2020 NMFC Changes Set to Shake Up Food Transportation

Food and beverage brands may be shipping product under a new NMFC class to start 2020 as the first round of updates are scheduled to take effect.

The National Motor Freight Traffic Association (NMFTA) will institute its first 2020 NMFC changes on January 3, 2020.

This NMFC class update represents one of the most impactful changes for our food and beverage customers in recent memory.

Popular, voluminously shipped products will be affected by reclassification efforts as the new decade begins.

In addition, it furthers a trend that we are seeing in the LTL industry.

Previously, shippers were able to classify items under umbrella NMFC numbers that spanned a large variety of products.

The industry is moving away from these exceptions as the NMFTA is now requiring more vendors to inform carriers of exactly what their product is.

The impact of the first 2020 NMFC change stems from breaking up NMFC number 73227, which included anything that could be labeled as “foodstuffs.”

This was a catchall NMFC class that could include everything from barbeque sauce to vinegar-based cleaning products.

Shippers of sauces, spreads, nut butters, dressings, and other products that were able to ship as Item 73227 now must ship product under a new number and send at a different NMFC class.

Vendors need to be aware how the updates could reshape their classification procedures and shipping operations.

A simple NMFC class change could spell issues for your LTL transportation if not adequately prepared.

2020 NMFC Changes for Class 73227

The scheduled changes set to take effect in January are the first of three annually occurring changes the NMFTA makes each year.

The board receives appeals and submissions, which shape reclassification decisions that happen every four months.

Though many products previously designated as Item 73227 will be getting a new NMFC number and class, not all are forced to be reshuffled.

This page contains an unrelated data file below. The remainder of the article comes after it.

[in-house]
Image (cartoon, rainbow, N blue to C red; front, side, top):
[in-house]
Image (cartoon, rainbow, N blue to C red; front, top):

Here are the previous NMFC number 73227 products that will be affected:

      • Bean dip
        • New NMFC #74700
        • Will ship at class 65
      • Dressing
        • New #74700
        • Will ship at class 65
      • Baby food
        • New #72030
          • Less than 15 pounds per cubic foot (PCF) will ship at class 92.5
          • Greater than 15 PCF will ship at class 65
      • Nut Butter including peanut
        • New #72285
          • #72285 – 01 Powdered butter will ship at class 77.5
          • #72285 – 02 Not powdered will ship at class 65
      • Pectin – fruit or vegetable
        • New #73380 will ship at class 70
      • Purees – fruit or vegetable including applesauce
        • New #74510
          • In pouches and in boxes will ship at class 70
          • NOI, in boxes, drums, or packages will ship at class 60
      • Powder – baking, etc.
        • New #72041 will ship at class 65
      • Sandwich spread
        • New #74700 will ship at class 65
      • All Sauces including cooking sauces
        • New #74700 will ship at class 65
      • Tortillas or taco shells
        • New #74737 will ship at class 70

These changes represent a large section of food manufacturer products. Though wide sweeping in terms of items, the rate difference between their former and new classes should not be monumental.

Additionally, there are still several items that will retain their NMFC #73227 coverage for the time being.

For a full breakdown of what the changes will look like here is the complete update list.

What Are the Impacts of Shipping at a Different NMFC Class?   

When the NMFTA releases reclassification changes, it does not always mean huge fluctuations to your shipping operation even if your product is affected.

Especially, if you are prepared for an update.

Freight classes determine what price a carrier will charge to haul items and what liability they offer. Therefore, freight class changes typically mean a shift in cost.

It is critical that you understand exactly which class a product should use and accurately convey that information to your carrier.

Being prepared and properly classifying your pallets can help you avoid unnecessary fees and added costs down the road.

Carriers can charge reclass, reweigh, rework, and other accessorial fees if you intentionally or unintentionally send product at the wrong class. These fees can also hit months after your shipment is complete, when the carrier undergoes an audit.

There’s no up-side to putting the wrong classification on your bill of lading.

That is why it’s important to stay informed around NMFC and its relation to LTL freight classes.

Partnering with a 3PL Can Help You Navigate NMFC Changes

This is just the first 2020 NMFC change of the year. While we can’t say for certain, it is reasonable to speculate that umbrella NMFC numbers will continue to be a focus for the NMFTA.

These large spanning terms are likely to again be broken up and products reclassified to their own item number and different freight class.

If that is the case, partnering with a knowledgeable 3PL can help you stay informed and prepared for changes when they do happen.

At Zipline Logistics, we proactively work with our customers to ensure a smooth transition when NMFC changes occur. While there is potential for other unforeseen impacts tied to these class changes, we are standing by to help shippers navigate the changes.

To talk to one our LTL freight specialists about the NMFC changes or hauling your product, contact Zipline Logistics.

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